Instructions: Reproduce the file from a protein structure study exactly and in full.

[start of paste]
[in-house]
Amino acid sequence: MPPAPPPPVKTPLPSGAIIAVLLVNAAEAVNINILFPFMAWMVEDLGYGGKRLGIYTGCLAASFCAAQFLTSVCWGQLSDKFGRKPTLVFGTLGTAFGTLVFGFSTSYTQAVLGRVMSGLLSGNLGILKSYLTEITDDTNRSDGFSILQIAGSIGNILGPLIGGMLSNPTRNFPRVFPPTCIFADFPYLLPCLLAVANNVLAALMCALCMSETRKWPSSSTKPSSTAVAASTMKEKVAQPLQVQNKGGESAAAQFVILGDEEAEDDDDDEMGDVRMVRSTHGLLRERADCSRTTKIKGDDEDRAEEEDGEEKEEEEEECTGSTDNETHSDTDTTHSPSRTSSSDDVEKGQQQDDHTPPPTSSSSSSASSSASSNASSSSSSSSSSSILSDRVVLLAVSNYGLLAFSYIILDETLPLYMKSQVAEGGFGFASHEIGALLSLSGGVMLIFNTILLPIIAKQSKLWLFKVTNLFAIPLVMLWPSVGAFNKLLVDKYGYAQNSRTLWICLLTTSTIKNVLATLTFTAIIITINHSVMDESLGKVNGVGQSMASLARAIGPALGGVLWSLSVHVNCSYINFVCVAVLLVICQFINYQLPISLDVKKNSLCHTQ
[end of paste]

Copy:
[in-house]
Amino acid sequence: MPPAPPPPVKTPLPSGAIIAVLLVNAAEAVNINILFPFMAWMVEDLGYGGKRLGIYTGCLAASFCAAQFLTSVCWGQLSDKFGRKPTLVFGTLGTAFGTLVFGFSTSYTQAVLGRVMSGLLSGNLGILKSYLTEITDDTNRSDGFSILQIAGSIGNILGPLIGGMLSNPTRNFPRVFPPTCIFADFPYLLPCLLAVANNVLAALMCALCMSETRKWPSSSTKPSSTAVAASTMKEKVAQPLQVQNKGGESAAAQFVILGDEEAEDDDDDEMGDVRMVRSTHGLLRERADCSRTTKIKGDDEDRAEEEDGEEKEEEEEECTGSTDNETHSDTDTTHSPSRTSSSDDVEKGQQQDDHTPPPTSSSSSSASSSASSNASSSSSSSSSSSILSDRVVLLAVSNYGLLAFSYIILDETLPLYMKSQVAEGGFGFASHEIGALLSLSGGVMLIFNTILLPIIAKQSKLWLFKVTNLFAIPLVMLWPSVGAFNKLLVDKYGYAQNSRTLWICLLTTSTIKNVLATLTFTAIIITINHSVMDESLGKVNGVGQSMASLARAIGPALGGVLWSLSVHVNCSYINFVCVAVLLVICQFINYQLPISLDVKKNSLCHTQ